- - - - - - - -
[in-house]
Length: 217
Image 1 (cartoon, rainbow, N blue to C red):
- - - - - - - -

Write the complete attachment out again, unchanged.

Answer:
[in-house]
Length: 217
Image 1 (cartoon, rainbow, N blue to C red):